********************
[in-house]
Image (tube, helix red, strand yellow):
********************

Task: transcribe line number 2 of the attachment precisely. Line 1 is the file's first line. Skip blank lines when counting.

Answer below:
Image (tube, helix red, strand yellow):